With Robb Nen hanging out at AT&T park, throwing out first pitches and reminding everyone what extreme dedication to the team looks like, it seemed like an obvious question to ask Game Seven starter Tim Hudson: Would you trade your arm for a ring? After all, any Giants fan remembers how Nen put everything he had left into the Giants’ 2002 run to the World Series — his career ended with surgery that winter.
Hudson didn’t hesitate one moment. “Absolutely. This point in my career, yeah. Who knows how many more innings I have left in this old arm. If I could trade what I have left for a title, damn right I would.”
At first glance, this isn’t a very FanGraphs-like quote. It’s the stuff of post-game writeups should Hudson grit out a championship performance. On the other hand, there’s just a little inside baseball hidden within the statement.
For one, despite being the oldest pitcher in the World Series, Hudson has enjoyed a postseason velocity boost on par with James Shields, who is seven years younger. So the oldest man to start a Game Seven has already been trying pretty hard this postseason.
The shape of Hudson’s cutter has also changed, suggesting he’s fine with it turning into more of a slider as the end of the season approaches. During the season, it averaged an inch of vertical movement by PITCHf/x. That’s already over four inches more drop than your average cutter, and more in line with an average slider. This postseason, Hudson’s cutter is dropping over an inch more according to BrooksBaseball. That’s fine for an old man, perhaps, but the Orioles banned the baby slider from their organization, and there’s a possibility it leads to velocity loss. No skin off Hudson’s elbow.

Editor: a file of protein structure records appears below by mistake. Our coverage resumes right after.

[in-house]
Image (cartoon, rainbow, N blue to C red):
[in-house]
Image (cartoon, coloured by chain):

There’s also a chance that he’s throwing the splitter more. Back during the season, Hudson told us that he throws the changeup most of the time and saves his splitter for two-strike counts. It looked like the splitter averaged around 81-82 mph with more drop than the change, which sat around 84 — and this postseason, Hudson has been sitting much closer to the lower end of that velocity range with what classifications call his splitter. Some think the splitter puts more stress on your arm (more on that in The Hardball Times annual).
And though he’s not in the obvious pain that Nen was feeling, there is something going on with Hudson. Before his first start, he was asked about his hip — both of them have actually showed up on his injury reports this year. Hudson admitted he was working on some of the regular aches and pains (“Just some things with the trainer, I don’t want to go into a lot of details, but just a lot of stretching, lot of strengthening of some areas”) but then finished with a hint that maybe it’s a little worse than normal — “Medicine is a beautiful thing (laughter). I’ll leave it at that.”
In the end, though, Hudson is right about his age. In what might be the “post-PED” era, we’ve seen 17 pitchers start a game over the age of 40. They’ve averaged 390 innings over the rest of their careers. Considering he’s already under contract for next year and would be projected for about a win above replacement in 2016, he’d probably be leaving a one-year $10 million contract on the table on average, should he trade his arm for a ring.
You can tell that Tim Hudson is prepared to do what it takes to win Game Seven tonight. And even if he doesn’t have to Robb Nen his career to do it, it’s the sort of dedication that makes the World Series special. There is no doubt — these players will be trying their very hardest tonight.
With a phone full of pictures of pitchers' fingers, strange beers, and his two toddler sons, Eno Sarris can be found at the ballpark or a brewery most days. Read him here, writing about the A's or Giants at The Athletic, or about beer at October. Follow him on Twitter @enosarris if you can handle the sandwiches and inanity.